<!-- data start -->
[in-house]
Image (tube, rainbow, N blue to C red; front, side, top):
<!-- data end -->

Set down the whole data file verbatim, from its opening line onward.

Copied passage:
[in-house]
Image (tube, rainbow, N blue to C red; front, side, top):